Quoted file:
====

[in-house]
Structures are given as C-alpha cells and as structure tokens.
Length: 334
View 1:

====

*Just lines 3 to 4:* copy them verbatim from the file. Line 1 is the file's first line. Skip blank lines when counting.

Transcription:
Length: 334
View 1: